The second wearable pair was from a pink and white floral Double Brushed Poly from KnitPop (love them too!) and a solid wine double brushed poly from PurpleSeamstress (I don’t get any money for saying this, but both these fabric companies offer super fast shipping and quality products). As I didn’t have enough of the solid wine color to make the entire pair, I used the floral brushed poly for the waistband and pockets- I think it makes a cute contrast. I made a matching Highlander Dolman in the blush floral as well (see review further down). Although I think they look a little too pajama-y together, separately I think they look awesome for most aspects of my #momlife.


My final pair of joggers was from an entirely different fabric: a less drapey french terry from LDG Textiles. Just the right weight to transition into spring, I love the classic grey and the soft face of this french terry. Relaxed and fitted in just the right places, and those cool pockets, I think they take the classic sweats look and take it up a few notches, and make me feel good even when I can’t remember when I last washed my hair. I won’t push the envelope and wear them to work, but I’ll live in them everywhere else. This change in fabric really showed the versatility of this pattern and how it adapts to a variety of fabric weights and textures. For this pair I did remove 1.5 inches in the length- I’m exactly the height the pattern is drafted for (61 inches), but most of my height is in my torso, so I needed to remove a tad bit here, though I actually like them with the “slouch” at the ankle too.

Lets move onto the Highlander Dolman now, shall we? I fell so hard for this top as it checks all the right boxes for me: quick to make, knit fabric, easy to nurse in (wear a tank under and just pull up!), flowy but not mumu-like, and with a cute/unique detail (check out the back options!). It can be made in short or long sleeves, and with a tie back, high scoop back, low scoop back, t back, or back strap. I’m dying to see baby S in this top, but for now, I’ll show you mine. Again due to having most of my height in my torso, I lengthened the top 1.5 inches.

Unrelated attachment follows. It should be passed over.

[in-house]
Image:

My first version is in the same floral Brushed Poly I used for accenting the pants, and features the tie back. I wasn’t initially excited about the ties, but they are SUPER easy to construct (as long as you have a loop turner!) and make it easy to get a great fit in the back. I ended up with an adorable flirty top that feels softer than a cloud, that I see as perfect for pairing with skinny jeans and booties (or flip flops).

My second version (but not my last!) was made in a lightweight ombre cotton jersey from LDG textiles. I love the colors in this top- they remind me a of a summer sunset on the beach (preferably with a fruity cocktail).



I tried out the T back version on this one, and I LOVE the result. I did make the binding out of a cotton/spandex rib knit from JoAnns, because the lightweight knit didn’t have a lot of stretch, and I was concerned it would be too difficult to bind the openings. Although I have a cover stitch, I used my sewing machine for  some of the binding on the back of this one, as it seemed easier and more accurate. The cover stitch was used for the neckline, but isn’t at all necessary for this pattern.

After seeing my versions of the tops, my mom even asked for her own copy (luckily she’s petite too!). If you know her, you know that she is PICKY as heck about her clothes, so this was a HUGE compliment to the design and style of the top.

All told, including the “test” versions that didn’t make it to completion (a normal part of pattern testing), I made 7 tops and pants in less than a week, which should speak to the speed and quality drafting and instructions that these patterns offer (also, to my family’s patience with my hobby). And, if my pictures aren’t enough to convince you, go check out the ADORABLE photos of the other testers for this set in the Facebook Group (you have to join if you aren’t already a member to see the pictures)!

Check back soon for another new pattern: something for the men in my life!

Note: some of the links here are affiliate links, which means I get a small commission from any purchase you choose to make so I can continue to sew and share with you!